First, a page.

Mr. Bai Mass Kah, the Foroyaa Newspaper, who was standing trial on a charge of sedition, was Tuesday, September 09, 2014, acquitted and discharged by Magistrate Amie Jagne of the Kanifing Magistrate’s Court.
Sergeant Yaya Colley appeared for the state whilst Lawyer Lamin S. Camara represented the accused person.
Delivering her judgment in a crowded courtroom, Magistrate Jagne reminded the court that the case before her is for judgment. She recalled that the accused person standing before her was charged with one count of seditious act and that he pleaded not guilty to the charge.
She said the prosecution during the trial called five witnesses and tendered 4 Exhibits in order to proof their case. She said the first prosecution witness (PW1), Lamin Camara, who is a material witness in the case, told the court that he did not know the accused person in any kind and further alleged that the accused person said that Halifa Sallah is the only man who wore trouser. She said the accused person has denied the claim.
Magistrate Jagne adduced that all other witnesses have testified that the accused person said “if you wish paste the photo of the President of the Republic in the sky” and not “why not you paste the photo of the President of the republic in the sky.”
The trial magistrate explained that the defence counsel argued that these two statements are different. She said the defence lawyer submitted that the statement of “if you wish you paste the said photo in the sky” is not a statement that can undermine the President. She added that the defence lawyer said if the prosecution is to prove their case on a statement, the claim must contain hatred, contempt or any other ways that can harm the image or undermine the President as a person.
She further stated that it is not in dispute that the accused person has uttered a statement but that is not what he was charged with. She added that the accused has denied the statement “why not you paste the photo of the President in the sky.”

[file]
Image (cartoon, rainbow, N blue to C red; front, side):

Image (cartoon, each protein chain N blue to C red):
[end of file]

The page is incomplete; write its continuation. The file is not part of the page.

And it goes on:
The trial magistrate noted that all the prosecution witnesses were cross examined by the defence counsel and that all have repeatedly confirmed that the accused person said “if you wish you paste the photo of the President in the sky.”
Magistrate Jagne further indicated that all the four exhibits tendered by the prosecution, including the investigation report, did not contain the statement “why not you paste the photo of the President in the sky.” She cited Exhibits MK1 and MK4, adding that both stated “if you wish you paste the photo of the President in the sky.”
She concluded “the prosecution could not prove their case and accordingly I acquit and discharge the accused person.”
It could be recalled that Mr. Kah was arraigned on Wednesday, 27th November, 2013 at the said court after being held in detention for 13 days at the NIA and various police stations before being charged with seditious act.
The particulars of offence stated that Bai Mass Kah, on or about 14 November, 2013 between 16hrs and 17hrs at Latrikunda German within Kanifing Municipality and diverse areas, with willful intention, uttered a statement against a photo of the President of the Gambia which one Lamin Camara was pasting on his vehicle opposite a tailoring workshop, asking “why not you paste the said photo of the President on the sky,” and thereby committed an offence.
He pleaded not guilty to the charge preferred against him.
Mr. Kah, after emerging from the courtroom, was seen shaking hands with well wishers, friends and relatives.
Managing Editor’s Note
Although Bai Mass Kah was not charged for anything published by Foroyaa, one cannot separate crime associated with speech from the media. The acquittal and discharge is welcomed. Special appreciation goes to Lawyer Lamin Camara and his team, especially, Lawyer Edward Singhateh. He or a member of his team never missed a sitting. The media houses and the Gambia Press Union (GPU) need to collaborate to give lawyer Camara an award for being among the best defenders of freedom of expression and freedom of the media in this country. International Awards should follow as a mode of encouragement. Such cases are time consuming and yield very little benefit.
We are studying the new dispensation in the courts before making a pronouncement. The trend is however in the right direction. Once the courts ensure the dispensation of justice without fear or favour, justice will be done and will be seen to be done. This is the hallmark of an Independent and impartial judiciary.